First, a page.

The New Era of Retailing: Are Your Systems Ready?


I just returned from the National Retail Federation’s Annual Convention and Expo (NRF). At the event, it was obvious that retail is undergoing a once in a generation transformation. Driven by savvy consumers and technology, these shifts are forcing retailers to push harder and offer more consumer choices and channels than ever before. Everything from personalized shopping and campaign offers to custom product design is available now.

At NRF, two key themes emerged:

  • Omnichannel shopping. Retailers are working to provide a seamless shopping experience across all channels:  e-commerce, mobile, social and bricks and mortar stores.
  • Big data. Retailers also are moving quickly to capitalize on the promise of big data, so they can tailor customer shopping experiences in real-time with relevant offers and promotions.

However, for many retailers, both trends require serious changes to their existing infrastructure. For many retailers, the older systems they are using are simply not designed to deliver today’s personalized, omnichannel shopping experiences. Often systems and data are isolated, not interconnected, so retailers can’t get a single view of a customer or know what happened on their shopping trip.

Today’s retail systems need to be capable of handling the most demanding shopping traffic spikes or a campaign that goes viral because of its popularity on social media. The architecture must be flexible, so retailers can quickly deploy new applications, capture customer insights from structured or unstructured data and protect sensitive information across multiple shopping channels.

As retailers revamp and update their systems to meet new demands, they need to look at three key areas:

  • Cloud computing. Incorporating cloud into the architecture means retailers can deploy applications faster and support multiple services, ranging from security as a service to software as a service to platform as a service. Retailers deploying applications in the cloud are discovering multiple benefits: less downtime, lower total cost of ownership, reduced maintenance costs, faster time to market for new applications and improved customer satisfaction. Moving to the cloud also offers tangible savings in terms of software license costs, floor space, networking, power and human labor.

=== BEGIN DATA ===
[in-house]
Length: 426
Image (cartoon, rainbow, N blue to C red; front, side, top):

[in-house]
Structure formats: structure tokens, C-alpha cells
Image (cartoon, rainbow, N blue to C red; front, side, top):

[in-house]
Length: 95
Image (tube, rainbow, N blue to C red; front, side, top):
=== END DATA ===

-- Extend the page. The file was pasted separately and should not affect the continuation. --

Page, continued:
• Security. Retailers now can encrypt customer information at the disk level, so if a disk drive is stolen, the resident data remains encrypted. This level of encryption allows the retailer to achieve Payment Card Industry (PCI) compliance and safeguard sensitive information. Retailers can offer customers services and access to data confident that the interactions are secure and compliant. IBM servers with cryptographic cards like the Crypto Express3 or Trusted Key Entry (TKE) also provide Security-Ready foundations that deliver the highest level of security for financial transactions and related data as it moves beyond cloud services.
  • Big data management. Retailers need to access and analyze petabytes or even zettabytes of data, much of which comes from unstructured sources such as social and mobile commerce. For data-intensive queries or large workloads, tiered storage that incorporates solid-state device technology (SSD) along with real-time data compression and in-memory storage helps retailers efficiently process, store and manage massive volumes data. Stream processing, which uses multiple processors and memory capacity, is able to rapidly integrate, analyze and store data streamed across many sources to analyze data in real time.

The good news is that IT professionals have a vast array of infrastructure configurations at their disposal. IBM has solutions that can help retailers take advantage of cloud, data and security technologies. Virtual systems, storage applications and analytics solutions can help retailers deliver new applications faster. Predictive failure analysis, alternate processor recovery, light path diagnostics and integrated security failsafe procedures help ensure ongoing service, availability, reliability, security and protection against unplanned system outages. By taking advantage of innovative solutions such as these, retailers can replace out-of-date, isolated systems with secure, flexible, reliable systems capable of handling the most demanding requirements.

Visit the IBM Smarter Computing page to learn more about IBM’s extensive systems and infrastructure offerings and how retailers can achieve their goals.

Karl Cama is the CTO for IBM’s Retail Industry in Systems and Technology Group. With over 25 years of software development experience and a strong background in web analytics, he is focused on delivering optimized solutions designed to address the ever changing needs of the Retail industry. You can reach him on Twitter: @KarlCama.

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